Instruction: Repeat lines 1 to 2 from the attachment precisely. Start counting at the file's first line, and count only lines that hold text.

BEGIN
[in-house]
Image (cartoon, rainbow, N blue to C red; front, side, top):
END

[in-house]
Image (cartoon, rainbow, N blue to C red; front, side, top):